Manuscript, Otzrot Chaim – Aleppo, 17th Century – Glosses Handwritten by Rabbi Yosef Irgas, Author of Shomer Emunim HaKadmon, and Glosses of Aleppo and Italian Kabbalists

Opening: $15,000
Estimate: $30,000 - $40,000
Manuscript, Otzrot Chaim by R. Chaim Vital [Aleppo, second half of the 17th century]. Glosses by Kabbalists from Aleppo and Italy, including glosses of the famed Kabbalist R. Yosef Irgas, with several signatures: "Ot Hi" [alluding to the initials of Yosef Irgas].
Oriental script, with marginalia in various handwritings.
This manuscript had apparently been copied in Aleppo in the 17th century by the scribe of R. Chaim HaCohen, disciple of R. Chaim Vital, author of Tur Bareket. This is an early manuscript of the book Otzrot Chaim. In the manuscript, the scribe integrated the glosses of his teacher, R. Chaim Cohen, on Otzrot Chaim (in "windows"). These glosses have not been found in any other manuscript.
This manuscript was in the possession of several Kabbalists. First in Aleppo, it was in the hands of an unknown Kabbalist named R. Saadia son of R. Baruch Mizrachi. His glosses appear in a number of places in the manuscript, two with his signature (p. 43b: "Sa'adia said" and on p. 46b: "And so it seems in my lowly opinion [acronym] Sa'adia"). Likewise, an inscription in his handwriting with the names of the ten sefirot appears on the front binding.
From Aleppo, evidently this manuscript reached Italy and on its sheets are glosses of several unidentified Kabbalists (one signed: "Zecher Rav [acronym]. These glosses primarily contain copies of notations by R. Natan Shapira (signed: "It seems in my lowly opinion, N. [acronym]"), R. Moshe Zacuto (signed "Kol HaRemez"), and his disciple R. Binyamin HaCohen (signed: "Bach" [acronym]).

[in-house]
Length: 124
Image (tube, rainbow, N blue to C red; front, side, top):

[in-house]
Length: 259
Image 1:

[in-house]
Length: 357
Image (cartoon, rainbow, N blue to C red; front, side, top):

This manuscript was also in the possession of the renowned Kabbalist R. Yosef Irgas, author of Shomer Emunim HaKadmon and he added to it, especially to the first leaves, dozens of glosses. Among other notations, R. Yosef also copied glosses of R. Yosef ibn Tabul and glosses of his disciples, R. Yisrael Binyamin (Maharib) and R. Shmuel ben Sid, and copied glosses of his teachers, the Rabach and the Remez. In addition, R. Yosef Irgas wrote his own original glosses and signed them "Ot Hi" [acronym of his name]. The handwriting of these glosses has been identified as belonging to R. Yosef Irgas by comparison to his known handwriting in several other places, particularly in his composition Shomer Emunim in the Moscow manuscript (Ginzburg 354). A piece of paper in R. Yosef's handwriting was bound between Leaves 8 and 9, containing another gloss bearing his signature. On the endpaper (lacking a section), is a remnant of an inscription in his handwriting: "…named Otzrot Chaim because the treasure of life is hidden therein because it explains the sayings of the Zohar called the 'tree of life [chaim]'".
The Kabbalist R. Yosef Irgas (1685-1730) was a notable Italian kabbalist, author of Shomer Emunim HaKadmon, disciple of Kabbalist R. Binyamin HaCohen, the Rabach. Rabbi of Pisa, he established the Neve Shalom Yeshiva before moving to officiate as Rabbi of Livorno (where he was born). R. Malachi HaCohen, author of Yad Malachi was among his leading disciples. His renowned composition Shomer Emunim (first printed in Amsterdam 1738) became a basic text of Kabbalistic wisdom. Besides that composition, he wrote other books as well. In his struggle against the Sabbatean Nechemia Hayun, he wrote the polemic composition Tochachat Megula V'Hatzad Nachash. After R. Aharon Roth wrote a book similarly titled Shomer Emunim, R. Irgas' book was customarily dubbed HaKadmon to differentiate between the two.
97 leaves. 20 cm. Fair condition. Stains. Frequent worming, affecting text. Detached leaves. Early leather binding, detached and damaged.
Written according to an expert's report, enclosed.
Kabbalistic Manuscripts – Including Autograph Manuscripts by Kabbalistic Luminaries